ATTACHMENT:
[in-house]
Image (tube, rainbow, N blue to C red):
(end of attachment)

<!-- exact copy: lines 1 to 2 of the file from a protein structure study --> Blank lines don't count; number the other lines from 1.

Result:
[in-house]
Image (tube, rainbow, N blue to C red):